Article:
As the embryo grows in the womb, organs and muscles acquire form and function. The question of which mechanisms are involved in this process has long fascinated Dr. Daniela Panáková, who has headed the MDC’s Electrochemical Signaling in Development and Disease Lab since 2011. She is particularly interested in the PCP signaling pathway that cells of the heart and other organs use to order themselves during development. “This signaling pathway is central to how organs acquire their shape. We are investigating what happens when this signaling pathway is disrupted,” says Panáková. This can lead, among other things, to congenital heart defects, also known as congenital heart disease.
Back in 2018, international team of collaborators led by Daniela Panáková discovered that this signaling pathway plays a role in the early remodeling of the developing heart, the formation of the cardiac chambers, and the characteristic S-shaped form of the heart. In a new line of research, Panáková and her team demonstrate that the PCP signaling pathway is also involved in muscle differentiation: pathway deficiencies result in an abnormal development of the heart muscle. “This work was also supported by the DZHK. The new grant ties in with this and allows us to elucidate the underlying mechanisms in greater detail,” the researcher reports.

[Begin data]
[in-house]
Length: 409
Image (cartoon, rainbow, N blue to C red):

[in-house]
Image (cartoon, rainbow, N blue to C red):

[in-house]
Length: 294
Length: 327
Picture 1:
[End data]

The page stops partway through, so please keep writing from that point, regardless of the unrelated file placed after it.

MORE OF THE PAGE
A domino effect that impacts the heart
The disruption of this signaling pathway has such a broad impact on the development and function of the whole heart because it affects the shape of the cell nucleus and thereby cellular gene expression. “The PCP signaling pathway influences the morphology of the cell nucleus, which presumably causes the chromatin to adopt a different structure,” Panáková explains. “This in turn affects gene expression, which is responsible for normal muscle function, and results in changes in cardiac muscle cell differentiation and consequently the functionality of the organ.”
The link between the PCP signaling pathway and the cell nucleus is formed by the protein Vangl2, which is located on the cell surface. Daniela Panáková’s team now wants to find out how the communication between Vangl2 and the cell nucleus works, what other components are involved and how the information is passed on. The biologist also intends to analyze how the cell nucleus morphology actually changes. “We have a good understanding of the overall process, but still know very little about the details,” she says. But the details are the key to better understanding how congenital heart defects occur.
The funding line of the German Centre for Cardiovascular Research supporting Daniela Panáková’s work is geared toward helping outstanding female scientists with children continue their research on their path to professorship. “I think programs like these that promote women researchers are important,” says Panáková. “There are still too few of them in Germany.” The DZHK funding line was launched in 2019 and helps finance non-scientific staffing positions and materials in the funded project.
Text: Wiebke Peters